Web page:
Emily and Charlotte Bronte: Sisters and Authors
- Track Progress
- 0:12 The Early Years
- 1:45 Influences and Inspirations
- 2:45 Jane Eyre
- 3:53 Wuthering Heights
- 4:38 Other Works
- 5:34 Lesson Summary
Long before JK Rowling dreamed up Fred and George Weasley, Charlotte and Elizabeth Bronte accomplished impressive things as siblings. Their family history is a sad one though, and their feelings of loss are evident in their most famous novels, Jane Eyre and Wuthering Heights.
The Early Years
Charlotte and Emily Bronte are probably some of the most well-known children of Maria and Patrick Bronte (who were their parents). The couple actually had five daughters and a son - they had a lot of kids!
Only Charlotte, Emily, Anne and their brother Branwell actually made it to adulthood. It's important to know that they had these other siblings because the effects of the lives and deaths of their sisters actually did have a lot of influence over their works.
Both Charlotte and Emily (and the rest of their siblings) were born in Yorkshire, Charlotte in 1816 and Emily in 1818. Their mother died in 1821, which is tragic. Their aunt moved in to help their father raise the children.
When the Bronte girls are sent to a boarding school, it wasn't a very nice experience for them. They experienced harsh treatment and seriously unhealthy conditions. Two of the girls, Elizabeth and Maria, actually end up dying of typhus after going to boarding school. So, only four of them made it to adulthood.
Charlotte and Emily returned home shortly after their sisters' death because that's kind of a downer when you're away at school. Maybe it's not such a safe place to be if everyone's coming down with typhus and dying. They come home with their surviving siblings, and they spend a lot of time in their own little worlds. They create these fantasy worlds; they had a couple named 'Angria' and 'Gondal,' which sound awesome. They sound like things out of World of Warcraft. It's amazing that kids back then were exactly like kids right now, in terms of creating worlds of their own to play in and think about.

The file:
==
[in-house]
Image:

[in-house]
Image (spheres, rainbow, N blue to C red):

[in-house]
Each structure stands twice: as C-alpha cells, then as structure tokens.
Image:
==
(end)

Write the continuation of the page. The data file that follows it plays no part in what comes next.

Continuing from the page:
Influences and Inspirations
All four siblings really loved to write, not surprisingly given that background. They wrote these dramatic accounts of things that happened in these imaginary worlds. Which again, is something that's common with first graders nowadays, right? Everyone's writing fantasy stories - like Lord of the Rings-lite.
Emily and Charlotte were both really interested in education and each held various teaching jobs throughout their lives. What they really wanted to do was eventually go and open their own school. After a few unsuccessful attempts at doing so, they returned to writing, and they published a book of poems with their sister, Anne.
They used the pseudonyms of Currer, Ellis and Acton Bell. They're kind of androgynous-sounding names. They choose them because they weren't sure if they would be taken seriously if publishers and readers knew that it was written by women. But they wanted names that would preserve their initials anyway, so that's how they came up with those weird names.
This trend of publishing works under androgynous pseudonyms continued beyond that book of poems. When Charlotte published her best-known novel, which is Jane Eyre (this was in 1847), it was under the name Currer Bell. So, she used that same pseudonym.
It was originally titled Jane Eyre: An Autobiography; since it was written really convincingly from a woman's point-of-view, people started to speculate about whether Currer Bell might really be a woman, possibly because Currer sounds like a totally fake name! That might've tipped them off a little bit that it was a pseudonym.